Why was the Glow worm unhappy? Because her children were not that bright!
This would indeed make the flightless female Glow worm sad as the brightness of her offspring’s light (situated in the last three segments of the abdomen) is important in attracting flying males to mate with, thereby ensuring the continuation of the species.
Glow worms are in fact beetles and at the adult stage look a little like long woodlice. The female is twice the size of the male and can measure up to 25mm in length. When she is ready to mate in June and July, she climbs up off the ground as night falls to a suitable vantage point and turns on her light to attract a mate – as Gilbert White described - ”she lights her amorous fire”. Once she has laid her fertile eggs she dies, leaving her clutch to hatch out the following spring. The larvae, which live for two years before becoming adults in the third summer, feed on slugs and snails, which they hold in their strong jaws, injecting a digestive fluid into the prey and liquefying it into a “soup” which they can then eat.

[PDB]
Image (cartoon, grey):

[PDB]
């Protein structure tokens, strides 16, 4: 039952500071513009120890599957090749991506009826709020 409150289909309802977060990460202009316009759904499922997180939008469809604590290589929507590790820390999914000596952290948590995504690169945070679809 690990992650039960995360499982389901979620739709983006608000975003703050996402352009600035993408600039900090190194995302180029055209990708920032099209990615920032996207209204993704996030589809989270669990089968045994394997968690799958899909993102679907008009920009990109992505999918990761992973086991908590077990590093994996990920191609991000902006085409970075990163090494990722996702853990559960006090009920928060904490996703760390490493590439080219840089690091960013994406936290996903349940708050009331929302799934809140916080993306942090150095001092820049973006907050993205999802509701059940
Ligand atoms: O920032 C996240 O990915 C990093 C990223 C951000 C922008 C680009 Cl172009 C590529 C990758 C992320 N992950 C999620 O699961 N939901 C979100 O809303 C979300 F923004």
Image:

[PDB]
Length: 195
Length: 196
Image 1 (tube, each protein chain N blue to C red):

The Glow worm’s pale green light consists of a layer of protein called Luciferin, which lights through chemical reactions within cells and is backed by a reflector layer of minute crystals. This is a remarkably efficient process, releasing 98% of its energy as “cold” light (called bioluminescence) – a typical electric light bulb can only manage 5% as it loses 95% in heat! This light, unlike fluorescence, which absorbs light to release later, can therefore be produced by a number of other organisms living in dark habitats such as the deep oceans.